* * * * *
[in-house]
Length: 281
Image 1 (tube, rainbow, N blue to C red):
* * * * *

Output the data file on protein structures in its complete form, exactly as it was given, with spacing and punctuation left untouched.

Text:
[in-house]
Length: 281
Image 1 (tube, rainbow, N blue to C red):